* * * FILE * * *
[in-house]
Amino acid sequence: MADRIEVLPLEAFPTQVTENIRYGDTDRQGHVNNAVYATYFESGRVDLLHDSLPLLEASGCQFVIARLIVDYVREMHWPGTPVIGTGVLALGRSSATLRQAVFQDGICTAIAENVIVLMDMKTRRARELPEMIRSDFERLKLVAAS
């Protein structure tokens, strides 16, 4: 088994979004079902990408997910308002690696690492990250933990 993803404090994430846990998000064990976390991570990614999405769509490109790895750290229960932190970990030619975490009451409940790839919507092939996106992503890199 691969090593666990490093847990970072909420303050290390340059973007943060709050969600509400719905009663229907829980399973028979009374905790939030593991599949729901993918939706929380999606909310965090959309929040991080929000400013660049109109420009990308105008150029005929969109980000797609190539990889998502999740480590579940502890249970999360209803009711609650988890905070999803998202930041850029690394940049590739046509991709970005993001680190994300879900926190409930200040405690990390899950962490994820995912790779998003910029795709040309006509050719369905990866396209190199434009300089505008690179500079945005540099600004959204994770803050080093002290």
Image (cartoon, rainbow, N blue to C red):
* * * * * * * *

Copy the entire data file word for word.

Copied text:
[in-house]
Amino acid sequence: MADRIEVLPLEAFPTQVTENIRYGDTDRQGHVNNAVYATYFESGRVDLLHDSLPLLEASGCQFVIARLIVDYVREMHWPGTPVIGTGVLALGRSSATLRQAVFQDGICTAIAENVIVLMDMKTRRARELPEMIRSDFERLKLVAAS
């Protein structure tokens, strides 16, 4: 088994979004079902990408997910308002690696690492990250933990 993803404090994430846990998000064990976390991570990614999405769509490109790895750290229960932190970990030619975490009451409940790839919507092939996106992503890199 691969090593666990490093847990970072909420303050290390340059973007943060709050969600509400719905009663229907829980399973028979009374905790939030593991599949729901993918939706929380999606909310965090959309929040991080929000400013660049109109420009990308105008150029005929969109980000797609190539990889998502999740480590579940502890249970999360209803009711609650988890905070999803998202930041850029690394940049590739046509991709970005993001680190994300879900926190409930200040405690990390899950962490994820995912790779998003910029795709040309006509050719369905990866396209190199434009300089505008690179500079945005540099600004959204994770803050080093002290």
Image (cartoon, rainbow, N blue to C red):